Vieyra said if a lead testing kit shows elevated lead levels, the city will send a crew to investigate. However, there is no program in place for accelerated lead service line replacement, he said, except at day care facilities.

“Right now, we don’t have funding for that, but in the future that’s something we’re probably going to have to look at,” Vieyra said.

The city announced plans to replace Chicago’s 400,000 lead service lines in 2020 under then-Mayor Lori Lightfoot’s administration, after denying the dangers for decades. Now, after Johnson’s administration projected it will take up to 40 years and up to $12 billion to replace toxic lead service lines, city aldermen are looking for ways to speed up the process while driving down costs.

According to the World Health Organization, children are most at risk because high levels of lead exposure can severely damage the brain and central nervous system. Children who survive severe lead poisoning may have permanent intellectual disability and often experience behavioral disorders.

At last week’s meeting, Vieyra said it is likely Brighton Park residents’ pipes were exposed to lead before the city turned off the water because most homes in the area were built before 1986, the year Congress passed the Safe Drinking Water Act prohibiting the use of lead water pipes.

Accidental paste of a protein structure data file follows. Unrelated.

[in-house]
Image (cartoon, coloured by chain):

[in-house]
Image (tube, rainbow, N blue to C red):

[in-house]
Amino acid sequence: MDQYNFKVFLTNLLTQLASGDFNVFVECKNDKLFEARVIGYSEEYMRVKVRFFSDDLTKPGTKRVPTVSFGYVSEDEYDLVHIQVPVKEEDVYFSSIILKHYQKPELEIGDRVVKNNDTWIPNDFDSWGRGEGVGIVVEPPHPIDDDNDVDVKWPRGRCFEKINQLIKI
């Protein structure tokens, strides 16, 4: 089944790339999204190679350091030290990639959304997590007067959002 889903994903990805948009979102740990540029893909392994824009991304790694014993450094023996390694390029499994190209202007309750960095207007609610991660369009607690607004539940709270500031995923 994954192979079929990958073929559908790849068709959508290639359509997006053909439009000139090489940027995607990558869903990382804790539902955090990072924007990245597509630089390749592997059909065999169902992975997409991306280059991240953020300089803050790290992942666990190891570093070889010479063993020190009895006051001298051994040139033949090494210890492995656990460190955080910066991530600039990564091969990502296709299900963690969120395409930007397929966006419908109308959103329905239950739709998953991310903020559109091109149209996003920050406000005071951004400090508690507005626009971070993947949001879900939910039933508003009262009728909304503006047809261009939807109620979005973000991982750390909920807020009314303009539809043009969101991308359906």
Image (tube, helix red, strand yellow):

Byron Benion, a pastor for The Church of God who leads the community meetings, said he believes the city water department presented a reactionary plan at last week’s meeting that is insufficient in addressing the underlying issue.

“I think the solution that the city has of allowing everyone to test their own water is nice, but it seems like they don’t have a contingency plan for people who have bad water,” Benion said.

Benion said promptly testing the water of all residents affected by the excavation at the vacant lot is a top priority for him.

“I would like the people in our community to be really well-informed of what is going on with their water,” Benion said. “And even if they can’t get it fixed, I think it’s better to really know and be informed than it is to just be ignorant and not know.”

Zupkus said the community is exploring options to independently test everyone’s water using their own funding.

“(We are) taking responsibility for our own lives,” Zupkus said.